The world’s most cutting-edge companies like Apple, Google, HP, Samsung, Intel, Cisco or Microsoft are technological leaders. Consumer devices like computers, smartphones and tablets or business hardware like routers, switches and servers are central to their competitiveness and economic power. The high-tech industry thrives on transformation and efficiency—creating world-leading products, then manufacturing and distributing them quickly and easily.

Of course, behind every innovation is a vast, complex, international, high-tech supply chain. For supply chain teams in technology companies, managing raw materials, parts and finished products through the high-tech sourcing and manufacturing process is a massive challenge.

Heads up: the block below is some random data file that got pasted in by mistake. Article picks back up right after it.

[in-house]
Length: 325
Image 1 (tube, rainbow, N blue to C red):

Technology supply chain managers are under significant pressure to manage costs and minimize time to market—all while optimizing logistics and maximizing ROI, especially with increasing budgets for ever-growing infrastructure, development and research efforts.

Innovation isn’t slowing down, and high-tech businesses must streamline supply chains to decrease speed to market, keep costs under control and manage the production of complex devices. In this article, we explore some of the common challenges facing the high-tech supply chain, together with the steps you can take.

Challenge #1: Commodity Prices Drastically Impact Raw Material Costs

The high-tech industry is reliant on minerals, metals and other commodities to manufacture components and parts for high-tech devices. Increases in costs for gold, silver, lithium, silicon and other materials directly translate to lower profit margins if these expenses are not controlled or represented in end pricing.